Obituary: Mr Jimmy Ledgard

ONE of Dewsbury RL club's all-time greats, Jimmy Ledgard, has died.

Born in Wakefield in 1922, Jimmy was an outstanding full-back and kicker, and played his part as vice-captain when an unlikely and unrated Great Britain team won the first ever Rugby League World Cup in 1954. He played in all four games and scored one try and landed 13 goals, including two in the final, against France in Paris.

He began his rugby career during his school days at Manygates in Wakefield and gained county honours as a schoolboy.

Jimmy left school at the age of 14 and trained as a joiner with shop fitting firm, Drakes and Waters – a trade he continued throughout his playing years.

After spending his youth playing for Wakefield Trinity Juniors and Sandal, Jimmy went to Leeds for trials, where Eddie Waring, the then manager, turned him down, saying he wasn't big enough to make the team. It was while he was training at Leeds, during 1943/1944, that he met his future wife Betty.

She said: "The first game he took me to watch him play he broke his ankle and we spent Saturday night in Leeds General Infirmary. That was something to remember."

Jimmy wasn't without a club after leaving Leeds though.

Dewsbury signed him and he played for them for four years, playing in the 1947 Championship final when Dewsbury lost to Wigan at Manchester's Maine Road, before leaving for Leigh, for a fee of 2,650 – the highest rugby transfer fee ever paid at that time.

Shortly after, in 1948, he and Betty married at the Zion Congregational Chapel in Wakefield. Following the wedding, the couple moved to Leigh.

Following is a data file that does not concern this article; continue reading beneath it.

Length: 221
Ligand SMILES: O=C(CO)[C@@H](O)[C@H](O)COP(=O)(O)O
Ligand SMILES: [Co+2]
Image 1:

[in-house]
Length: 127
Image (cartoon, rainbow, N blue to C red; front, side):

Jimmy played for Leigh until 1958. During his time there, which included a tour of Australia in 1950, he made 334 appearances, scoring 36 tries and 1,043 goals, to record a total haul of 2,194 points in a Leigh shirt.

In 1958 Jimmy returned to play the latter part of his career at Dewsbury and remained a popular figure with supporters.

When the club moved from Crown Flatt to its current site on Owl Lane, Jimmy and another former player, Harry Royal, dug the first sod.

In return, both players had rooms in the stadium named after them. Jimmy ended his playing days in 1960 at Dewsbury and he has since had the rare distinction of being admitted to the Hall of Fame at both the Dewsbury and Leigh clubs.

In the same year, he and Betty moved to Dewsbury, where he continued his work as a joiner until retiring aged 64.

After his retirement, he enjoyed playing golf, and swapped playing for watching rugby.

Both he and Betty liked going on holiday and spending time in their garden, at their home in Malvern Road, Earlsheaton.

Jimmy was a member of Dewsbury Probus Club and Hanging Heaton Golf Club and for a short time he joined a painting class at Ebenezer Methodist Church.

Betty said: "He was lovely. He liked a joke and he was a good sport. He wasn't one to push himself forward and wouldn't brag. He was a lovely man."

Jimmy's funeral was held on Friday, February 2, at Hanging Heaton Methodist Church. He leaves his wife Betty, daughter Susan, son-in-law David and granddaughter, Anne-Marie.